Jack's Take: The gift of song through the years with SMC

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SMC Baritone Brothers Hairspray concert, June 2013 — Photo courtesy of Jack Hilovsky
SMC Baritone Brothers Hairspray concert, June 2013 — Photo courtesy of Jack Hilovsky

It all began in the Seattle Opera House on a warm summer night in June 1997. My housemate Stephe and I attended a concert of the Seattle Men's Chorus called We Are Family, a tribute to the music of the 1970s. I'm unsure if I'd ever seen the chorus perform in such a grand space until that evening. I was used to seeing the group sing a song or two following the Pride Parade, which at that time marched down Broadway and ended with a festival in Volunteer Park.

But that night something clicked for me.

A decade earlier, during a counseling session in which I grappled with coming out, my therapist (also named Jack) suggested I join the chorus. I was in my early twenties at the time and couldn't imagine associating with such a large, Gay-identified club. They all seemed so much older than I was. What if they hit on me? Isn't that what older Gay men did? They tried to seduce younger guys and get them into their clutches. I was full of all sorts of ideas and fears!

We Are Family SMC concert, June 1997 — Photo courtesy of Jack Hilovsky  

Ten years later, at We Are Family, I'd finally made peace with my sexuality. By the second half of the concert, Stephe and I were on our feet with more than three thousand other concertgoers, singing along to the soulful rhythms of Karen Carpenter, boogeying to the beat of the Bee Gees and Donna Summer, and delighting in the ballads and glam rock of Elton John. The joy and exhilaration of communing and crooning with that happy crowd stretched into my summer and finally convinced me I needed to reconsider my earlier hesitation.

The following year, when the chorus announced its new season would start at the newly opened Benaroya Hall, home of the Seattle Symphony, I decided to audition. At the time, the revered artistic director Dennis Coleman helmed the organization. I think he asked me to sing a verse of "My Country 'Tis of Thee" or "America the Beautiful" or some patriotic ditty, but I can't be sure. I must have passed muster, because before I knew it, I was attending rehearsals that fall for my first holiday show with SMC.

When I began, the chorus numbered about 125 men. We've since doubled in size. We rehearsed in two churches in downtown Seattle before moving to Seattle First Baptist Church during the pandemic. Twenty years ago, a companion sister organization, the Seattle Women's Chorus (SWC), came into existence, a welcome addition to our chorus family. In 2016, Dennis Coleman stepped down from as artistic director role, and the marvelous Paul Caldwell inherited the baton.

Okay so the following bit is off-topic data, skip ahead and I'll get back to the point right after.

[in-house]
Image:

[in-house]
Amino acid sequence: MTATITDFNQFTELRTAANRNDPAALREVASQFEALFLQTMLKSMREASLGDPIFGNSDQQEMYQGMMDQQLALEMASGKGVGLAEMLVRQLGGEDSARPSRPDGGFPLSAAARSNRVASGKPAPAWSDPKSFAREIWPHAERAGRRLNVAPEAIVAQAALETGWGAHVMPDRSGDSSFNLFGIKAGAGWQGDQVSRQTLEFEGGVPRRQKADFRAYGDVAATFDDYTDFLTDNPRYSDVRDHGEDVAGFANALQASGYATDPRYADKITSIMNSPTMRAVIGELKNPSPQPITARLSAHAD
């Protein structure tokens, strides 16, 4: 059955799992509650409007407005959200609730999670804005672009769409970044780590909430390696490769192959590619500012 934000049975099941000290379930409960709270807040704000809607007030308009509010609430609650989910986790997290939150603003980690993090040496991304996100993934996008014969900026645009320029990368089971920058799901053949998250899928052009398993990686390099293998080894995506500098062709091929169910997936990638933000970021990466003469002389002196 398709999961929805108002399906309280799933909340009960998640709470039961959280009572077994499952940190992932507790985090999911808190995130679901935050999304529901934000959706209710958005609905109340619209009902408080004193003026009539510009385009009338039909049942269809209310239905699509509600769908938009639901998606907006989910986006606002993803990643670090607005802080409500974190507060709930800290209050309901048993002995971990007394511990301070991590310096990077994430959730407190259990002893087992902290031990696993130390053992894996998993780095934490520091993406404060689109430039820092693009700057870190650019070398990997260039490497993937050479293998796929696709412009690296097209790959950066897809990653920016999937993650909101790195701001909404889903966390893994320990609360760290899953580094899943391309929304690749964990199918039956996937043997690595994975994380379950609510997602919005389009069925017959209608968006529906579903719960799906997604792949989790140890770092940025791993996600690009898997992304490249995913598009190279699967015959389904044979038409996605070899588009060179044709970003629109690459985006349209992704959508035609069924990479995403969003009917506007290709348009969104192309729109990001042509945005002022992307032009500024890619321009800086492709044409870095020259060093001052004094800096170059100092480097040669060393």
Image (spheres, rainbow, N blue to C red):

Chorus Pals, Holiday Show, 2018 — Photo courtesy of Jack Hilovsky  

This year I celebrate my 25th year singing with the chorus. I remain an upper baritone, though I've often wondered if I might aspire to become a lower tenor (maybe not). I marvel at the societal changes that have occurred over the time I've sung with SMC, such as the "Don't Ask, Don't Tell" policy being replaced by open acceptance of Gays in the military; the domestic partner protections passed by the Washington state legislature replaced by marriage equality throughout all 50 states; and the devastating losses of Matthew Shepard, Tyler Clementi, and so many other youths at the hands of violence and bullying replaced with antibullying laws.

American society has shown a greater acceptance of its Gay citizens, but there is still much work to be done worldwide, because laws alone cannot change hearts. And sadly, there will always be backsliding. Attacks on Transgender youth and adults are rampant in many states. Women are again fighting long-won battles on reproductive health care. And Queer youth are being denied access to books that might help them understand their heart's desires, much less the ability to discuss those in a supportive classroom where a teacher isn't forbidden to even acknowledge there are Gay kids.

I have rediscovered the joy and value of the chorus the past couple of months, as we've rehearsed our latest concert, to be performed at the Paramount Theatre in downtown Seattle on June 9 and 10. In commemoration of its centennial, the Walt Disney Company commissioned "Disney PRIDE in Concert," a celebration of LGBTQ life, love, family, and perseverance. Along with music from iconic films like The Little Mermaid, The Lion King, and Mary Poppins, there are also songs from modern Disney classics like Coco and Frozen, plus tunes from the Disney Parks songbook.

As I commit or recommit these hope-filled and compassionate songs to memory, I'm reminded of how we all search for a place to call home, sometimes beyond where we grew up. Someplace out there that will accept us and love us for who we are, where we don't need to convince, prod, or please. Disney recognizes we live in a small world, that we are interconnected, and that someday we will learn to live with one another and let live.

Music changes hearts. I am grateful for the family I've found with my adopted SMC brothers (and SWC sisters) and look forward to another 25 years of musical delight and showmanship.

For tickets to SMC's "Disney PRIDE in Concert" on June 9 and 10, visit https://bit.ly/42PhseF

Jack Hilovsky is an author, actor, and blogger who has made his home in Seattle since 1986. His first book, RJ, Farrah and Me: A Young Man's Gay Odyssey from the Inside Out, was published in June 2022. It can be found at Elliott Bay Book Co., Madison Books, Nook & Cranny, University Bookstore, Pegasus Book Exchange, and Third Place Books (Seward Park).